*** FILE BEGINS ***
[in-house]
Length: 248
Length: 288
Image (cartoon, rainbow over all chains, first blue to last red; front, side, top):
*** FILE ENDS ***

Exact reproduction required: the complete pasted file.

[in-house]
Length: 248
Length: 288
Image (cartoon, rainbow over all chains, first blue to last red; front, side, top):